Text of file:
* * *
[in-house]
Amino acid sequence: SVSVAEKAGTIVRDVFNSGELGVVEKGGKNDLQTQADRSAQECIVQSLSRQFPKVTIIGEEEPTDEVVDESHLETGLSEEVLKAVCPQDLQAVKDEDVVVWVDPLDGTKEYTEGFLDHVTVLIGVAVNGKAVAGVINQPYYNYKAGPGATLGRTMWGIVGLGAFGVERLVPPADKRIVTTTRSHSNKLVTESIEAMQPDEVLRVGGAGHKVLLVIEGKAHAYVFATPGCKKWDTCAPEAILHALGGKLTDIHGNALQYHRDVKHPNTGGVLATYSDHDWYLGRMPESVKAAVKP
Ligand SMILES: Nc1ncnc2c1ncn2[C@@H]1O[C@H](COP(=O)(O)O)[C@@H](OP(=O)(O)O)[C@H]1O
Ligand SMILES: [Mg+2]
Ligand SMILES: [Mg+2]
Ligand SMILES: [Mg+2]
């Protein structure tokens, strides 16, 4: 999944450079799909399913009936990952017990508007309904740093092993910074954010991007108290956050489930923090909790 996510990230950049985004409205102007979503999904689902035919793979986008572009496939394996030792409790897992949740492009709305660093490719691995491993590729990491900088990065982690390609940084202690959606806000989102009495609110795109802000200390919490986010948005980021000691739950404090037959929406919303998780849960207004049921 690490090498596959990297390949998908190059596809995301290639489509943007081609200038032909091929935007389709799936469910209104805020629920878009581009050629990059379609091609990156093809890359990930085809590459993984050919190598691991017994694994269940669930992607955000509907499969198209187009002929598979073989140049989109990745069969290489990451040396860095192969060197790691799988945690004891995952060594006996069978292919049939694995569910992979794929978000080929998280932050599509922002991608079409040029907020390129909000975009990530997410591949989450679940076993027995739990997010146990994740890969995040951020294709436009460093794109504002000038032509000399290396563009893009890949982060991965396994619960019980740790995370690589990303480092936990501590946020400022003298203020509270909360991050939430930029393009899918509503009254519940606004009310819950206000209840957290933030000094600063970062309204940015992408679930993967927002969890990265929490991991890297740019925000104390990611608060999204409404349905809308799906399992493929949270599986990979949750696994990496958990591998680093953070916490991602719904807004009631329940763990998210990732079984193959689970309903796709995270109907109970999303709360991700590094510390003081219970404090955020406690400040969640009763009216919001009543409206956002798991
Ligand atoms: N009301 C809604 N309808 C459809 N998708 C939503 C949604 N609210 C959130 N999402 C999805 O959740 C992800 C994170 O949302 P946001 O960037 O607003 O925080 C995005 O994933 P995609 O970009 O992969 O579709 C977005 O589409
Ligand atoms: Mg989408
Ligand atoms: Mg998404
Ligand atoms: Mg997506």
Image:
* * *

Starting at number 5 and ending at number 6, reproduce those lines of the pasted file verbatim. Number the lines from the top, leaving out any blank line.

Ligand SMILES: [Mg+2]
Ligand SMILES: [Mg+2]